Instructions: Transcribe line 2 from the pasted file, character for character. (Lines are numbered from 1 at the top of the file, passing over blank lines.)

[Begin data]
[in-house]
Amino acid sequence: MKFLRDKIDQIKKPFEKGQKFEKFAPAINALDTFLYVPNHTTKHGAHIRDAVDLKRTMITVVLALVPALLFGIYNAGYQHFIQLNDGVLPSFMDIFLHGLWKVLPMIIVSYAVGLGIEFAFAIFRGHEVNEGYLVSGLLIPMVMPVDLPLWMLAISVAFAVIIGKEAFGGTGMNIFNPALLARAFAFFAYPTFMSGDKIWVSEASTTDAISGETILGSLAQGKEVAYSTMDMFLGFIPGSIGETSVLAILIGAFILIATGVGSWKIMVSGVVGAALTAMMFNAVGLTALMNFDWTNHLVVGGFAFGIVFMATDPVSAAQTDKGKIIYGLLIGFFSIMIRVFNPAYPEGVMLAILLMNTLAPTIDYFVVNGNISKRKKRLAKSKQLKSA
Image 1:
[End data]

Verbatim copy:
Amino acid sequence: MKFLRDKIDQIKKPFEKGQKFEKFAPAINALDTFLYVPNHTTKHGAHIRDAVDLKRTMITVVLALVPALLFGIYNAGYQHFIQLNDGVLPSFMDIFLHGLWKVLPMIIVSYAVGLGIEFAFAIFRGHEVNEGYLVSGLLIPMVMPVDLPLWMLAISVAFAVIIGKEAFGGTGMNIFNPALLARAFAFFAYPTFMSGDKIWVSEASTTDAISGETILGSLAQGKEVAYSTMDMFLGFIPGSIGETSVLAILIGAFILIATGVGSWKIMVSGVVGAALTAMMFNAVGLTALMNFDWTNHLVVGGFAFGIVFMATDPVSAAQTDKGKIIYGLLIGFFSIMIRVFNPAYPEGVMLAILLMNTLAPTIDYFVVNGNISKRKKRLAKSKQLKSA